We propose a new VAR identification scheme that distinguishes shifts of and movements along the labor demand schedule to identify labor-supply shocks. According to our VAR analysis of post-war US data, labor-supply shifts account for about 30 percent of the variation in hours and about 15 percent of the output fluctuations at business cycle frequencies. To assess the role of labor-supply shifts in a more structural framework, estimates from a dynamic general equilibrium model with stochastic variation in home production technology are compared to those from the VAR.
Bibliographical noteFunding Information:
Marco Airaudo provided excellent research assistance. We wish to thank Larry Christiano, Frank Diebold, Martin Eichenbaum, John Geweke, Michael Kiley, Richard Rogerson, and Chris Sims for helpful comments and suggestions. Thanks also to seminar participants at the NBER Summer Institute, University of Pennsylvania, Princeton, Rochester, ISBA Regional Meeting, USC, Econometric Society Meetings, the Federal Reserve Bank of Cleveland, and the Board of Governors. The second author gratefully acknowledges financial support from the University of Pennsylvania Research Foundation. The GAUSS programs to implement the empirical analysis are available at http://www.econ.upenn.edu/~schorf .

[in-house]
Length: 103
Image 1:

All Science Journal Classification (ASJC) codes
- Economics and Econometrics